The definitional problem of hazard definitions
I guess you could say that clarity in the key concepts in engineering standards is an essential element for their effective use. Ideally any standard should contain a precise, concise, complete and clear set of definitions to reduce the likelihood of errors. So why in the standards governing the safe design of systems is there so much difficulty in pinning down such a fundamental safety concept as what actually is a hazard?
Today there exist multiple, overlapping and inconsistent definitions of hazard. as well as vociferous disagreement in the safety engineering community as to what a singular definition should be, see for example the Peter Ladkin’s initiated ‘What constitutes a hazard’ thread on the York safety critical mailing list archives (2000). Hazard has been variously defined as including or being; an event, system state, condition, set of conditions, physical situation, occurrence (either singular or in combination), occurrence in combination with an environmental event or state, that is a source of harm, real or potential that may (alt. inevitably) lead to an accident or cause injury, illness or death. Good grief!
The first point that we should realise is that ‘hazard’ as a definition is not a scientific concept that can be defined relative to an absolute empirical standard but is actually a philosophical concept the same as ‘justice’, ‘truth’ or ‘art’. When we ask ‘what is a hazard?’, we are actually engaged in a philosophical pursuit not a scientific one. The pursuit of such philosophical definitions for key terms is also a time honoured tradition, some of the earliest being found in the Plato’s dialogues (428-347 BC). Western philosophy is also littered with the unsuccessful efforts of philosophers to provide a singular definition of such terms. A philosopher proposes a definition of X, a counter-example is provided to refute it, a new definition of X is proffered and so the cycle repeats.
So how do we deal with the problem? In Philosophical Investigations (1953) Wittgenstein tackles the definitional problem by proposing that what we are really doing when we attempt such definitions is looking for a singular set of attributes when in practice there is an overlapping set of features where no one feature is common to all. Attempting to firmly define a concept such as ‘hazard’, with a necessary and sufficient set of features is therefore an ultimately futile effort. Wittgenstein termed this concept of overlapping features ‘family resemblence’, giving as his most of quoted example the family of games. Games may be physical, mental, team or singular, competitive or cooperative, played for money or not, and so on. But, as a whole, we intuitively understand that games form a family where each game resembles another to a greater or lesser extent.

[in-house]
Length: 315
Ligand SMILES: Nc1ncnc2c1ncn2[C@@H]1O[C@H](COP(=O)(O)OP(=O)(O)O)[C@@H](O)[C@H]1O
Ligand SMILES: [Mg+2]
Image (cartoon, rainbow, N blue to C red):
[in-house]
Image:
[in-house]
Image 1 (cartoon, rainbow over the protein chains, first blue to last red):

So does this fuzziness mean that we are lacking in our knowledge of what a hazard is? Not according to Wittgenstein. His point is that such a view reflects a failure to understand how our language really works. Humans don’t normally set up crisp bounds around concepts, instead our usage of terms such as ‘game’ , or ‘hazard’, is inherently flexible with the meaning of a term defined by how we use it or explain it, and this is all the meaning it can have. Any attempt precisely define such a term as ‘hazard’ is simply an exercise in establishing an artificial boundary rather than revealing any hidden truth.
All very interesting, but so what? The first logical consequence of this is that if we have a standard that includes any philosophical concept (and safety standards are full of such philosophical terms as safety, risk, loss and hazard) we automatically introduce the problem of family resemblance. Secondly where any standard singularly defines such a philosophical concept, this definition simply represents a local rule or subset specifically developed to suit the purpose of that standard and should not be construed as an absolute and global definition. Needless to say the idea that safety standards rest upon such a philosophical conclusion is somewhat disturbing, perhaps we need to look further than a list of atributes to get a handle on what a hazard is.
1. Wittgenstein, Ludwig (2001). Philosophical Investigations, Blackwell Publishing.